Watch for the Florida real estate market to slowly start growing in 2024 as interest rates flatten and consumers begin realizing what they’re seeing is the new normal in prices and interest rates, Florida Realtors® Chief Economist Dr. Brad O’Connor said during the annual Florida Real Estate Trends Summit on Friday.
Florida saw almost $200 billion in closed sales in 2023, which wasn’t far below 2022, a super-strong sales year post-pandemic, he told a packed room of Realtors®. Moreover, that number was substantially higher than in the pre-pandemic year of 2018, according to Florida Realtors data.
“There’s still a lot of money flowing through our industry. We’re not dead,” O’Connor said. “Over the next several months, the market could reignite a little bit. Even though there aren’t as many homes for sale, the ones that are for sale are selling for more.”
The summit was part of this year’s Florida Realtors’ Mid-Winter Business Meetings at the Hyatt Regency Orlando. In addition to O’Connor, the summit featured Dr. Sean Snaith, a nationally recognized economist in the field of business and economic forecasting. Snaith has won multiple awards for the accuracy of his forecasts and research.
Mortgage interest rates have likely peaked, and there’s a good possibility that the Fed could begin cutting rates in the coming months — and that could reinvigorate buyers. O’Connor speculated a cut to below 6% could be in the forecast with the first relief possibly coming by May.
“The psychology of buying or selling a home is closely tied to these rates,” he said.
In addition to interest rates, Florida’s high property insurance prices paired with inflation continue to slow buyer demand, O’Connor said.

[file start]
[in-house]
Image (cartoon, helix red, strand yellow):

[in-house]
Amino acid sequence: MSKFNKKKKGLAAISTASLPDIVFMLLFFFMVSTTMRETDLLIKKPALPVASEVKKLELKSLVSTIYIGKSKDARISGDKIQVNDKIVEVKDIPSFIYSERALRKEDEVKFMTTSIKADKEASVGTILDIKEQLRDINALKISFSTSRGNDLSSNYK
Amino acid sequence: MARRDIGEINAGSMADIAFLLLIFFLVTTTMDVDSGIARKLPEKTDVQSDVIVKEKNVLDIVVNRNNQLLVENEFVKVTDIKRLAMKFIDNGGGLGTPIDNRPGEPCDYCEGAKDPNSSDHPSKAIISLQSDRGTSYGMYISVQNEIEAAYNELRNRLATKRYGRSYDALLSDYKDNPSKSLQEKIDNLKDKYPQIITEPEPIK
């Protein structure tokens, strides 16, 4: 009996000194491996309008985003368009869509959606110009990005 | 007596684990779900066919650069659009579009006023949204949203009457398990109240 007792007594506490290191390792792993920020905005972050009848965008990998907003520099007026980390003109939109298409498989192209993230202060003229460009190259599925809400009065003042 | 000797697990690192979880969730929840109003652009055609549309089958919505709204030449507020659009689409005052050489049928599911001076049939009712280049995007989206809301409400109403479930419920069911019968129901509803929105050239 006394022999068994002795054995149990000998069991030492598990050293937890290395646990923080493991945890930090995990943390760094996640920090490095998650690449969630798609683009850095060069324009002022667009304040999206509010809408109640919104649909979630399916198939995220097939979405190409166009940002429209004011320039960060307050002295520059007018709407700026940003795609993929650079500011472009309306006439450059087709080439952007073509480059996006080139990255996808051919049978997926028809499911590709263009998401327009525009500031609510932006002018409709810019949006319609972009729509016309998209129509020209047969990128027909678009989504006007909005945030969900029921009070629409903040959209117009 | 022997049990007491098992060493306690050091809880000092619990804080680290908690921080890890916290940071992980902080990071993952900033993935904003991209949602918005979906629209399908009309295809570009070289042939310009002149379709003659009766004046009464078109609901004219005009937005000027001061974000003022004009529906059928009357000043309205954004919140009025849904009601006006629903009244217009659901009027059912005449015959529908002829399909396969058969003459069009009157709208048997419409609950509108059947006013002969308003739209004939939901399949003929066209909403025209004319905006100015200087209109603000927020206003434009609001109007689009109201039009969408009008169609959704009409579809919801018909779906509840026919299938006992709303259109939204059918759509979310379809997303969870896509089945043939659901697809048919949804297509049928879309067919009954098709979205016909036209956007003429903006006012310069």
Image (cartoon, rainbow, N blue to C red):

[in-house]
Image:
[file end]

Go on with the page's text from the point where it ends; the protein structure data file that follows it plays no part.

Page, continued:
“People are still saying the real estate market is going to crash. But that’s just not the case,” he said, explaining that adjustable-rate mortgages, which played a large part in the housing crisis of the aughts, aren’t as widespread. “We have weathered the pandemic with no foreclosure crisis. We are not in a position for a crash to happen.”
Is recession on the horizon?
Both O’Connor and Snaith acknowledged that signs point to a slowdown in economic growth at the national level, but that a full-blown recession isn’t likely. Even so, Florida’s strong economy is well-positioned.
“We are forecasting a slowdown, not a downturn at this point,” said Snaith. “I think Florida is prepared to weather any national economic storm. We’re ready.”
A few of the factors buffering the Florida real estate market from some national economic trends include:
- The state’s labor market is strong. (Snaith: “Paychecks are still coming in.”)
- Florida’s population growth remains strong at about 1,000 new people a day. (Snaith: “An increase in population means an increase in economic activity.”)
- The state is still attractive to “untethered” remote workers. (O’Connor: “The workplace will never be what it used to be.”)
- Retirees with home equity looking to relocate are unfazed by high interest rates.
Snaith pointed out, however, that “commercial real estate has a much bumpier road ahead than does residential” in 2024. Commercial lending has gotten significantly tighter and is still feeling repercussions of the “work from home” transition.